March 4, 2019
Article by
Rev Un Tay


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Trauma at sea: who looks after the crew?


THOUGH IT MAY SEEM PIRACY, rough seas, fatal accidents and illness are things of movies aboard ships, the dangers seafarers face are real. The job carries as much risk as a vessel carries cargo. No truer than when port Botany received a tragic call last month from an incoming vessel. Following the ship's visit to an Asian port, a seafarer complained of body pain. The man took to bed rest and when seemingly recovered, resumed duties on the vessel. However, in a series of unfortunate events, the seafarer collapsed on the job and died in the arms of two crewmates. despite receiving immediate medical attention. When fatalities occur on a vessel. each instance is unique as to where, why, and how far the vessel is from its destination. In previous cases. crew have had to store bodies of the deceased in the cold room of the vessel until reaching port. just as it was for this most recent death. The seafarer's body remained in the cold room for 10 days before arriving at Port Botany. Once docked, port authority personnel met the ship along with a ship's agent, diplomats from the seafarer's central embassy, Mission to Seafarers chaplain Jim Watt, and numerous other authorities Who removed the body and began questioning the crew before the vessel had to leave the fully-occupied port. The crew drifted outside the port for a few more days, the same crew that spent ten long days in the same vessel as the body of one of their own. The body was soon repatriated to family.

All in all, the seafarer's body travelled by sea, land and air before returning home. Yet a question still lingered in the salty air. Who eases the crew's trauma in the wake of a sudden death on board?



MTS Sydney has been a haven for seafarers after long voyages, providing Wi-Fi, SIM cards, transportation between city centre and ports, computers, and a place to lounge between shifts. But in times of crisis, MTS has proved more vital than a place for seafarer down-time. "We provide pastoral care, pastoral counselling and other welfare services," MTS assistant minister Reverend Un Tay said. MTS takes every opportunity to increase the comfort of seafarers, including meeting incoming vessels at the ports. When the vessel finally came alongside, MTS was ready. "We went to pick them up." Rev Tay said. "They bought some of the discounted tickets [offered by MTS) like the Aquarium, Madame Tussauds and the [Darling Harbour] Wildlife Park. They had a wonderful time unwinding and forgetting some Of what happened on board." As one can imagine, it's difficult to forget the death of someone you work closely with. One crew member, deeply affected by the death, had to leave his duties. Rev Tay spoke about the importance of the MTS staffs availability to the Crew during difficult times. The staff visit upwards of six vessels a day. "We tell them that we are here for them," Rev Tay said. "Sometimes they just need to voice the experience and the opportunity to vent." A valuable item MTS staff brings aboard is the prepaid SIM card. Step into the shoes Of the seafarer's family, Who have little contact with the seafarer. but who have maybe heard of a fatality on board a ship. "Sometimes accidents happen and they want to call their loved ones," Rev Tay said. In the event a seafarer is hospitalised, MTS, notified by AMSA or port agents, prioritises paying a visit as strange location and language barriers can be as distressing as the reason for hospitalisation. Rev Tay said one of the remarkable things about MTS staff is that some are multilingual. Rev Tay himself speaks six languages, providing comfort and familiarity after trauma. Six months ago, Port Botany saw another seafarer death that rocked the crew to their core. "The atmosphere was so depressing," the reverend recounted. "The crew had no appetite to eat. I spent an hour in silence. After an hour or so, they started to open up." The captain personally requested Rev Tay lead a prayer session on board.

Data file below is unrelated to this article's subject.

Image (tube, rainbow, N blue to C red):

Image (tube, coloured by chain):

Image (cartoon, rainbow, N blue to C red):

Seafaring is a life of solitude, a job with dangers and harsh realities lurking not just in the water. "Seafarers commit suicide due to depression. Heart attacks and accidents are always very traumatic and, of course, depending on what part of the world they are sailing, piracy," Rev Tay said. There is a deep-rooted, stereotyped image of a seafarer that has changed little over time. A big, bearded man, singing sea songs and drinking port is the seafarer. A man who says, "Send me to the sea when my days are done! For I belong to that which I travel," is the seafarer. That is fantasy. The seafarer is a working man or woman, who like anyone in a high-risk occupation can be traumatised by the dangers of their job. But rest assured, seafaring people, when ship comes to port, MTS will be waiting.

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